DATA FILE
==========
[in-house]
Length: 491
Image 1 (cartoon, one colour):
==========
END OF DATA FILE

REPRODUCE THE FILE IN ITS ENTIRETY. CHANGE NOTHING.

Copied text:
[in-house]
Length: 491
Image 1 (cartoon, one colour):